Initially, the input accumulator outlet 214 is sealed. To flow whole blood 80 through the autotransfusion apparatus 40, the outlet 214 is punctured and joined with tubing 102 connected to a cardiotomy inlet 120 leading into a cardiotomy 118. The cardiotomy 118 includes a simple filter for catching gross contaminants. The cardiotomy 118 can be a collapsible bag if used in conjunction with a roller collection pump 116 and a collapsible input accumulator 218. For use with a roller collection pump 116, the cardiotomy 118 includes a cardiotomy vent 124 which is open to the atmosphere to release trapped air. Alternatively, a vacuum source (not shown) can be connected to a vacuum port 126 on the cardiotomy. Such a vacuum source then can provide suction for collecting whole blood 80 with the suction wand 108, in place of the collection pump 116. If a vacuum source is so utilized for gathering blood, the cardiotomy 118 must be a rigid container to withstand collapse; the input accumulator 218 must likewise be rigid, or else not included. An acceptable rigid cardiotomy 118 is Model BCR-3000, made by Bentley, of California. When using a vacuum source, all other openings to atmosphere in the cardiotomy 118, including the cardiotomy vent 124, must be sealed.
Another portion of tubing 102 leads from the cardiotomy outlet 122 to the inlet of the arterial pump 104. Tubing 102 connects the arterial pump 104 to a sealed arterial compliance chamber 182 between the arterial pump 104 and the filter 142. The base of the arterial compliance chamber 182 has a compliance chamber inlet 186 and a compliance chamber outlet 188. During operation, a quantity of whole blood 80 fills a lower portion of the arterial compliance chamber 182, and an air cushion 192 is maintained above the whole blood 80. A pressure vent 194 at the top of the arterial compliance chamber 182 transmits pressure in the air cushion 192 to the arterial pressure sensor 220 via the arterial pressure isolator 222. The arterial compliance chamber 182 serves, firstly, as a debubbler by providing a receptacle for air to bubble out of the flowing whole blood 80 into the air cushion 192. Secondly, the arterial compliance chamber 182 helps smooth the time profile of pressure measured by the arterial and venous pressure sensors 220, 236. Roller pumps create high and low pressure "spikes" as each roller first contacts, then disengages, tubing 102. The air cushion 192 absorbs these pressure spikes to some degree, resulting in a smoother pressure signal to be transmitted to the central processor 210. The smoother signal facilitates interpretation and use of the pressure data by the central processor 210. An acceptable type of arterial compliance chamber 182 is included in standard dialysis sets available from Renal Systems, of Minneapolis, Minn.
Tubing 102 leads from the arterial compliance chamber outlet 188 to the filter inlet 144, and from the filter outlet 146 to the venous compliance chamber 184. The description of the arterial compliance chamber 182 applies to and similarly describes the venous compliance chamber 184. Tubing 102 then connects the outlet of the venous compliance chamber 184 to the venous pump 106. The arterial pump 104 and venous pump 106 are roller pumps, as described previously. The filter 142 is a hollow-fiber microporous membrane filter. A plug 162 seals the chamber inlet 152. A collection bag 160 is connected to the chamber outlet 150 of the filter 142. The collection bag 160 can be any appropriate bag for accumulating fluids removed from blood flowing through the filter 142.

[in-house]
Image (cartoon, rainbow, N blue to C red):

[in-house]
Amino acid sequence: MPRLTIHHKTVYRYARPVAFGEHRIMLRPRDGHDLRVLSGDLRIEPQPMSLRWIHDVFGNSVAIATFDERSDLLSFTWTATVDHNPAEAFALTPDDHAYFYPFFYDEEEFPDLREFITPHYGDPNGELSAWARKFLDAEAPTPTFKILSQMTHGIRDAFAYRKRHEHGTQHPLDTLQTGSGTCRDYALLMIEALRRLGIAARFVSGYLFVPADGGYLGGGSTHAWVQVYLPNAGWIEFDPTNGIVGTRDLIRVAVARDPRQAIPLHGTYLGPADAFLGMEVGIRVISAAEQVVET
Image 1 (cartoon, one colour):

The outlet of the venous pump 106 joins tubing 102 connected to a reinfusion bag 170. The reinfusion bag 170 can be a common collapsible bag like the type used as the cardiotomy 118 when a collection pump 116 provides the vacuum necessary for collecting whole blood 80. A pressure cuff 180 surrounds the reinfusion bag 170 to provide means for pressuring the reinfusion bag 170. The pressure cuff 180 is an inflatable bag that can wrap around another object in a doughnut-like fashion. Inflating the pressure cuff 180 applies pressure to the surrounded object, in this case the reinfusion bag 170; deflating the pressure cuff 180 relieves pressure. The pressure cuff 180 can be designed for manual operation, or it can be a power cuff for automatic operation.
A final portion of tubing 102 joins the reinfusion bag outlet 174 with the return circuit to the patient. An outlet filter 190 in the circuit provides final cleansing of impurities from the filtered blood 90. One acceptable outlet filter 190 is Model 4C2423, manufactured by Travenol, of Illinois. A reinfusion inlet clamp 176 and a reinfusion outlet clamp 178 attach to those portions of tubing 102 that lead into and out of the reinfusion bag 170. These clamps 176, 178 can be standard, manually operated roller valves if the reinfusion bag 170 is to be directly attached by an operator. Such roller valves are mounted on the tubing and include rollers that can pinch the tubing to obstruct flow, or can be rolled away to permit full flow. For automatic operation, electrically controlled valves can alternately open and close the flow to and from the reinfusion bag 170. A suitable automatic valve can be manufactured from a rotary solenoid such as model 58210-31, manufactured by Ledex, of Vandalia, Ohio.